Educator Spotlight: Expanding Perspectives through Outdoor Exploration and Social Media

Sharon Davison emphasizes the importance of spending time in nature. For her National Geographic Educator Certification capstone project, her kindergarten students went on a nature walk, made observations, wrote in journals, and then communicated their findings to people around the world using social media platforms. Continue reading Educator Spotlight: Expanding Perspectives through Outdoor Exploration and Social Media

First Trees on Earth Ripped Themselves Apart to Grow

SCIENCE Researchers do not know why trees from more than 300 million years ago have more complex structures than trees today. (Independent) How else have trees adapted? Teachers, scroll down for a quick list of key resources in our Teachers Toolkit. Discussion Ideas Scientists are surprised at the growth pattern of ancient trees. What 300-million-year-old tree species was studied? The new study examined Cladoxylopsida, extinct … Continue reading First Trees on Earth Ripped Themselves Apart to Grow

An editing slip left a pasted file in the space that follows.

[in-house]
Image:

The Amazon Rain Forest Is Not an Untamed Jungle

GEOGRAPHY The biodiversity of the Amazon rain forest is not entirely pristine. It was also shaped by an ancient hunger for fruits and nuts. (Nature) Use our activity to learn more about biodiversity in the Amazon. Teachers, scroll down for a quick list of key resources in our Teachers Toolkit. Discussion Ideas A new study analyzes the distribution of domesticated trees in the Amazon rain … Continue reading The Amazon Rain Forest Is Not an Untamed Jungle

11 Things We Learned This Week

What did you learn this week? We learned … … why we’re still using bad maps, and what the most beautiful projection in the world is. Why are so many maps so distorted?   … nine questions to help you evaluate the credibility of a news source. How can you integrate news into your curriculum?   … cows can text. How else can technology benefit … Continue reading 11 Things We Learned This Week